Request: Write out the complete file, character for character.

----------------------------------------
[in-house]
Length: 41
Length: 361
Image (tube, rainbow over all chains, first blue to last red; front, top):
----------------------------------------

[in-house]
Length: 41
Length: 361
Image (tube, rainbow over all chains, first blue to last red; front, top):